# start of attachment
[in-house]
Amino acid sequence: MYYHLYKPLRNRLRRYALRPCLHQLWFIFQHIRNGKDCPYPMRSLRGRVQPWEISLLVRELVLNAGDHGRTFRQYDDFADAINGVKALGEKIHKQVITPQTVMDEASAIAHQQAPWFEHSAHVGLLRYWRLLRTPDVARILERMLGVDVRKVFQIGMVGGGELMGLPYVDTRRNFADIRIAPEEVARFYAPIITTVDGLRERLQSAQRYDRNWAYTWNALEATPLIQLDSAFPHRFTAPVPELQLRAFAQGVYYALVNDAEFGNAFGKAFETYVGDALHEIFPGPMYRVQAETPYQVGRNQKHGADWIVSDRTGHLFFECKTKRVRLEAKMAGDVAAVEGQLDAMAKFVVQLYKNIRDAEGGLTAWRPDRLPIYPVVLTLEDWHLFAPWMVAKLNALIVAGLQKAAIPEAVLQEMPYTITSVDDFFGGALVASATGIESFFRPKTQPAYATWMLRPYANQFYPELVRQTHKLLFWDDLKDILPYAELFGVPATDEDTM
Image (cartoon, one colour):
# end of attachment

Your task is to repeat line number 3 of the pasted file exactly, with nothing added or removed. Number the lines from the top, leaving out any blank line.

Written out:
Image (cartoon, one colour):